You love to rock out on (fill in the blank with your instrument of choice)… Question is: How do you choose the right instrument for your child? I’ve been trying to figure that out since our daughter got her pincers working, and the instrument is always changing. She has shown me a lot about what is right for her when it comes to rocking out, so I thought I’d share what Little D has taught me about choosing the right instrument for your child.
Have more tips on how to choose the right instrument for a child?
Share below! And for some great music to play along and sing and sleep to, check out some of our releases below.
We’re back with another installment of our Music in Our Schools Month DIY! Today, we’re making Homemade Rainsticks.
In elementary school, we would have a day every few months when our music teacher would bring out every odds and ends instrument she had collected over the years for us to jam with, including a giant rainstick from Chile that stood taller than her. When she’d flip the stick end over end, all the contents inside would run down and create a beautiful, rainy chiming that was mesmerizing.
So again, in honor of “Music in Our Schools Month” (and to continue inspiring the littlest music makers), we’ve created another kid-friendly musical instrument for your little rockers! This week, we’re making Rainsticks.
What You’ll Need: Mailing Tube (we used an 11×2 inch tube with ends)
3 tbsp Rice
3 tbsp Unpopped Popcorn
Optional: Glue and construction paper
1. Tear a 2 ½ foot length sheet of aluminum foil and crush it lengthwise into the shape of a long cylinder.
2. Wrap it around the handle of a broom (or comparable-shaped object) to form a coil. Remove from broom. Coil should measure about the length of your mailing tube)
3. Create a 2nd coil by repeating step 1 & 2. This time after, removing the coil from the broom, continue twisting the aluminum to create a tighter coil.
4. Place the small coil within the larger coil.
5. Place the two coils into mailing tube.
6. Use hot glue or masking tape to secure the ends of the foil inside the tube about ¼ inch from opening.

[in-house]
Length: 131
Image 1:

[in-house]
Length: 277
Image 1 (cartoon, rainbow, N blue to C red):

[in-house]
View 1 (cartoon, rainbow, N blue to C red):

7. After one end of the mailing tube has been securely closed off, pour in rice and popcorn combination.
Get your kids started making a racket early on and get their creative fires burning with homemade instruments that are as fun to make as they are to play. Enchantedlearning.com has a huge list of homemade instruments, as does Kinderart.com. Here’s a list of some of the great ones from both sites.
What you need:
-empty shoe box
-ruler or stick
Remove the cover from the box. Stretch the rubber bands around the box. Attach the ruler or stick to the back of the box on one end to act as the neck of the guitar. To play, strum or pluck the rubber bands.
What you need:
-empty oatmeal box with cover
Before beginning, you can decorate the oatmeal box with construction paper and/or crayons for a colorful effect. Place the cover on the box. Use a pen to make a hole in the center of the cover and in the center of the bottom of the box. Through these holes, pull a piece of yarn long enough to hang around child’s neck and down to their waist. For the drumsticks, place the spools at the ends of the pencils, secure with glue if necessary. Beat to play.
Water-Bottle Baby Rattle
What you need:
-1 Empty Water Bottle
-1/4 cup of uncooked rice, lentils or beans
-Assorted colored ribbons.
-Optional beads, sequins or felt shapes
-Hot glue or non-toxic craft glue